Carol Ann Duffy’s Feminine Gospels

Carol Ann Duffy, Feminine Gospels (2002, Picador 2017)

gospels.jpgThis book is on the curriculum in UK schools, and that is definitely a good thing: its wholehearted focus on female experience is a welcome corrective to the existing gender imbalance. The surreal, shaggy-dog story form of most of the poems – a shopping woman accumulates huge quantities of stuff, goes broke and eventually metamorphoses into a shop; a character named Beauty becomes a series of celebrated women, from Helen of Troy to Diana Spencer; one girl’s unstoppable giggling in class infects the whole school, leading eventually to the school closing its doors as all its teachers leave to follow their dreams – provides plenty of scope for classroom dissection and discussion. And there’s much joy to be had in the way the words sound and work on the page.

I’d better give a warning to any students who stumble on my blog looking for help with an assignment. I’m a seventy-something man from Australia who likes to read and to write something about everything I read. I would probably fail the A Levels.

I’ll stick to my rules and single out just one poem. There is handful of wonderful, memorable and readily memorisable lyrics at the end of the book, of which I especially liked the love poem ‘White Writing’ and the elegiac ‘Death and the Moon’. But the poem that struck me most forcefully on second reading is ‘History’, not actually a tall-story poem, but a close relative. You can read the whole thing here – it’s not long.

The poem begins with a picture of an old woman ‘not a tooth / in her head, half dead … smelling of pee’. who is a personification of History. There follows a list of events she has witnessed, and from a particular Eurocentric/Christian sample of world history:

She’d seen them ease him down
from the Cross, his mother gasping
for breath, as though his death
was a difficult birth, the soldiers spitting,
spears in the earth;

——————————been there
when the fisherman swore he was back
from the dead; seen the basilicas rise
in Jerusalem, Constantinople, Sicily; watched
for a hundred years as the air of Rome
turned into stone;

——————————witnessed the wars,
the bloody crusades, knew them by date
and by name

I love ‘the air of Rome / turned into stone’ as a way of capturing the transformation of the fluid, liberatory Jesus movement into a hard, authoritarian institution, and then the way that transformation segues to the wars and crusades.

There’s a bit of a leap in the next bit:

Bannockburn, Passchendaele,
Babi Yar, Vietnam.

These are not crusades, three of them aren’t even wars. Bannockburn (1314) was an important victory against the English for Duffy’s native Scotland, and the rest are emblematic moments of violence in the 20th century: the battle of Passchendaele (1917) of the First World War (and incidentally the subject of Paul Ham’s book that won the Douglas Stewart Prize for Non-Fiction this year); the massacre of Babi Yar (1941), the Second World War and the Holocaust; and the Vietnam War (1955–1975), known in Vietnam as the American War, a dominating feature of the first 20 years of Duffy’s life. If the poem had been written a few years later, it might well have included George W Bush’s invasion of Iraq and the rise of Isis.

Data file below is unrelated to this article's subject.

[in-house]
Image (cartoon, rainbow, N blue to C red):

The slide from religion to mass violence is then repeated in the next section, this time in relation to the suffering of individuals: the old woman has witnessed the deaths of martyrs and of murderers, and then ‘the dictator strutting on stuttering film’. Finally, in a heartbreaking return to the Holocaust, she has seen

——————————how the children waved
their little hands from the trains.

 So far, so rich in possibilities for classroom explication and discussion! (Not that there’s anything wrong with that.) Then the poem ends like this, and it’s the ending that makes me love it:

—————————————————-She woke again,
cold, in the dark,

——————————in the empty house.
Bricks through the window now, thieves
in the night. When they rang on her bell
there was nobody there; fresh graffiti sprayed
on her door, shit wrapped in a newspaper posted
onto the floor.

So far, History has been imagined as a feeble, weary old woman, worn down by the burden of witnessing the horrors of the Christian era, and especially of the twentieth century. The reader thinks he (in my case) gets it. But now it turns out it’s more than that: she is being actively harassed and humiliated. It’s hard to pin these final lines down to a specific allegorical meaning. The old woman is a personification of History, but who are the thugs who are attacking her, and what is signified by the bell, the graffiti and the shit through the letterbox? In a way it doesn’t matter: the sudden, visceral power of the final image takes the poem to a whole different level.* It’s no longer asking for polite applause, but doing what we always hope poetry will do, changing the way we see and feel about the world, or at least helping us to see and feel with more clarity and precision. It makes me want to leap up and shout, ‘That’s what the Trumps and Duttons and Bolts and Devines and Kennys are doing with their lies and half-truths: they ring History’s doorbell and run away before she can answer. And they shove shit through her letterbox!’

Thanks, Carol Ann.
———
* This could be an idiosyncratic response on my part, due to my mother-in-law having dog shit pushed into her letterbox during the American/Vietnam war. But it is my response.

Nadeem Aslam’s Golden Legend

Nadeem Aslam, The Golden Legend (Faber & Faber 2017)

legend.jpgThis novel includes the standard disclaimer. It is a work of fiction: not only are all its characters, events and organisations creations of the author, but not even any resemblance to persons, events or organisations is intended.